Video: U.S. corruption in Iraq exposed

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updated 2/2/2006 8:10:17 PM ET 2006-02-03T01:10:17

Luxury cars, a $20,000 Harley Davidson motorcycle, $10,000 Breitling watches and mountains of cash were all part of an elaborate corruption scheme in Iraq which — court documents allege — involves at least seven Americans, including five Army reserve officers.

A former Iraq reconstruction official, Robert Stein, a convicted felon inexplicably put in charge of $82 million in contracts, pleaded guilty Thursday to corruption, bribery and weapons charges.

"He essentially funneled contracts to his cronies and received bribes," said Stuart W. Bowen, Jr., the Special Inspector General for Iraq Reconstruction, in an interview with NBC News.

Stein, 50, controlled funds in the South Central Region of the now defunct Coalition Provisional Authority, or CPA. He now admits stealing at least $2 million, and accepting at least a million dollars more in bribes. He used the money to buy automatic weapons and an airplane.

Stein also admits steering contracts to an American businessman, Phillip Bloom, who allegedly provided cash, fast cars, even sexual favors from women. Bloom was arrested and charged separately in November. His lawyer on Thursday did not comment.

In one e-mail, cited in court records, Stein tells Bloom that his contract money is coming through. "I love to give you money," he wrote, signing the e-mail, "Bob."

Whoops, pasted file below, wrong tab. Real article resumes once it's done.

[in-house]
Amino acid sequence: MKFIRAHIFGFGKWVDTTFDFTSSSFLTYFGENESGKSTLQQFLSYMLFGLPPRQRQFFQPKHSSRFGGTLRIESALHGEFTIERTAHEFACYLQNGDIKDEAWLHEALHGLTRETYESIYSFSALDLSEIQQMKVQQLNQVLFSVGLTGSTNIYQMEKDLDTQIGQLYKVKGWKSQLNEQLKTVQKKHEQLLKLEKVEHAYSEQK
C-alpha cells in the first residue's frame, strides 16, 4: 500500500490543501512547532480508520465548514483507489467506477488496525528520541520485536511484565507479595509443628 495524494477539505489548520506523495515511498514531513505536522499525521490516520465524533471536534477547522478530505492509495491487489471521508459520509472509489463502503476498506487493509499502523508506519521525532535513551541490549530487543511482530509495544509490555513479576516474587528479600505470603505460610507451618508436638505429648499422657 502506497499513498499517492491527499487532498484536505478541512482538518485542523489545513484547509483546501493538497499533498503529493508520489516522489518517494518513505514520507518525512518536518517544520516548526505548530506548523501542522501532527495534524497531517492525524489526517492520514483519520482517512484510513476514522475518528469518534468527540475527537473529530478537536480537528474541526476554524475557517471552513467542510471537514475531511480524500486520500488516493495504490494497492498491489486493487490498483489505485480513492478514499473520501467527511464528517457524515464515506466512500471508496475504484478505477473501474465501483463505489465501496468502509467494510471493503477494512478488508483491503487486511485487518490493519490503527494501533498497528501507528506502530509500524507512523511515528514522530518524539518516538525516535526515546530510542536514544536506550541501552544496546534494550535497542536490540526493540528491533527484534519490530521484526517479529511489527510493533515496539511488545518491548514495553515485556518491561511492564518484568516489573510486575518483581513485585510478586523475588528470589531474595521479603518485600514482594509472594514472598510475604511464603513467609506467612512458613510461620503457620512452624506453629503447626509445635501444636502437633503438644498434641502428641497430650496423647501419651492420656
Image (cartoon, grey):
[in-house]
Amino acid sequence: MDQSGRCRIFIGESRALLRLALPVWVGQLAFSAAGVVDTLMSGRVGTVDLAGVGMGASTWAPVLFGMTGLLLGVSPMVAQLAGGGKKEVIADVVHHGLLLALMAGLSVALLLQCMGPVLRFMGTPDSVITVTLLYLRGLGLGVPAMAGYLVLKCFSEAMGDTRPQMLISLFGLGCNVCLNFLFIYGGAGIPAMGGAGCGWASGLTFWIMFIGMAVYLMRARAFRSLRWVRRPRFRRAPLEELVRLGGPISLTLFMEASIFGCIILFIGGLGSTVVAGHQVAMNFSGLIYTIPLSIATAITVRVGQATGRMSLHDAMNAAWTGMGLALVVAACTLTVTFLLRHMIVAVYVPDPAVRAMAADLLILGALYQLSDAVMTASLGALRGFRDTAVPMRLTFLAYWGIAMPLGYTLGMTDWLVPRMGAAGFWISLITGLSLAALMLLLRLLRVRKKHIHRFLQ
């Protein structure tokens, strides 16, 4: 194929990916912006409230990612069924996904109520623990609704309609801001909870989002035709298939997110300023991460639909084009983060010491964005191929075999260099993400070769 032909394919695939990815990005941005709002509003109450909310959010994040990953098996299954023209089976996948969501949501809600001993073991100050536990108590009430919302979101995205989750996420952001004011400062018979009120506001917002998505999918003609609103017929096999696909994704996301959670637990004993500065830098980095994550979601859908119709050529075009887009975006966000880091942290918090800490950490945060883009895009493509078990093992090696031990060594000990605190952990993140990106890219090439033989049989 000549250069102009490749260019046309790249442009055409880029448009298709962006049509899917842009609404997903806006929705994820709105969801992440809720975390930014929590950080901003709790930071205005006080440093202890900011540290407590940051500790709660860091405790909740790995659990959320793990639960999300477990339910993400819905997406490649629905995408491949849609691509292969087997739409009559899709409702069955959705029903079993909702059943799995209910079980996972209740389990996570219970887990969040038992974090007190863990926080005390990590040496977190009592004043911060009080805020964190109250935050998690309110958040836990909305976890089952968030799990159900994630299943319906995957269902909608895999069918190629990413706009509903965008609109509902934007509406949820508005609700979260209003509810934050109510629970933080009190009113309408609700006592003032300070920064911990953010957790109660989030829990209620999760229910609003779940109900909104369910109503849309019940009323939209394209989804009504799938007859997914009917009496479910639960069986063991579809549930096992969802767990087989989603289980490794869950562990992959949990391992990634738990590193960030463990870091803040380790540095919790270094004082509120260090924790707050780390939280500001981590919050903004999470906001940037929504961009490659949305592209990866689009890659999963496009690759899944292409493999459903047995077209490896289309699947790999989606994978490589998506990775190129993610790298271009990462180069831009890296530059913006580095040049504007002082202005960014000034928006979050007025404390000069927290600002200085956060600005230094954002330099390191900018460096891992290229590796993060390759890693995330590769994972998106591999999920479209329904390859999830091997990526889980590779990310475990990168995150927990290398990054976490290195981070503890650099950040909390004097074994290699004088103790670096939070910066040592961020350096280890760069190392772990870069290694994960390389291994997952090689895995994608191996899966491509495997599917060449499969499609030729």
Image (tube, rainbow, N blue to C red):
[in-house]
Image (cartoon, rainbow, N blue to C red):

"It shows the brazenness of the people who were around those sums of money and what they thought they could get away with," says Frank Willis, a former official with the Coalition Provisional Authority who has criticized the way the CPA handled cash.

E-mails cited in court records indicate that some unnamed U.S. officials even demanded specific cars: a white SUV and an electric blue sports car.

And what about the projects that were supposed to be built or refurbished in Iraq? A series of audits by Bowen's office found major problems.

"There were millions of dollars in grants and contracts," he says, "that simply went for no work at all."

Bowen says cash was sloppily handled.

"The management of cash in Hilla was haphazard at best. We found that it was kept in footlockers of the trailers that people that lived there," he says. "There was a safe that wasn't locked in the bathroom of the office."

Some of the work that was done was shoddy, according to one audit. For example, a recently repaired elevator at Hilla General Hospital collapsed, killing three Iraqis.

The end result of it all on the ground in Iraq?

"The reconstruction efforts during the CPA, in the South Central Region, around Hilla, failed," says Bowen. "It failed because we had a person of significant responsibility, the person in charge of that money, the controller, simply committed repeated criminal wrongdoing."

The investigation is continuing. As part of his plea, Robert Stein has agreed to restitution of $3.6 million.

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